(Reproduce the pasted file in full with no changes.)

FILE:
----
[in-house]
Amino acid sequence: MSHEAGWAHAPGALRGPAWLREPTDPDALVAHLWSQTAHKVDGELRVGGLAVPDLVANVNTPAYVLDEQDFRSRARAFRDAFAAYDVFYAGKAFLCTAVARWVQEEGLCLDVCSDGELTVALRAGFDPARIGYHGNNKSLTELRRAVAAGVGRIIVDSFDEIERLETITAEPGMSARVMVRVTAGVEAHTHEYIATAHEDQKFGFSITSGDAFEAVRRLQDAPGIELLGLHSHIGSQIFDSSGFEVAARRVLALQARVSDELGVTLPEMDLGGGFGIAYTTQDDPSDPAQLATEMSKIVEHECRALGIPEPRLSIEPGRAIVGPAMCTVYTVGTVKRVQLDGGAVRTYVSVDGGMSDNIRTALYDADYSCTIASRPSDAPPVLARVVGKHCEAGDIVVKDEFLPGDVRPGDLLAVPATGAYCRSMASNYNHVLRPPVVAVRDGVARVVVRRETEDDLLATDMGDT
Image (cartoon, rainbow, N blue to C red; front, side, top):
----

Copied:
[in-house]
Amino acid sequence: MSHEAGWAHAPGALRGPAWLREPTDPDALVAHLWSQTAHKVDGELRVGGLAVPDLVANVNTPAYVLDEQDFRSRARAFRDAFAAYDVFYAGKAFLCTAVARWVQEEGLCLDVCSDGELTVALRAGFDPARIGYHGNNKSLTELRRAVAAGVGRIIVDSFDEIERLETITAEPGMSARVMVRVTAGVEAHTHEYIATAHEDQKFGFSITSGDAFEAVRRLQDAPGIELLGLHSHIGSQIFDSSGFEVAARRVLALQARVSDELGVTLPEMDLGGGFGIAYTTQDDPSDPAQLATEMSKIVEHECRALGIPEPRLSIEPGRAIVGPAMCTVYTVGTVKRVQLDGGAVRTYVSVDGGMSDNIRTALYDADYSCTIASRPSDAPPVLARVVGKHCEAGDIVVKDEFLPGDVRPGDLLAVPATGAYCRSMASNYNHVLRPPVVAVRDGVARVVVRRETEDDLLATDMGDT
Image (cartoon, rainbow, N blue to C red; front, side, top):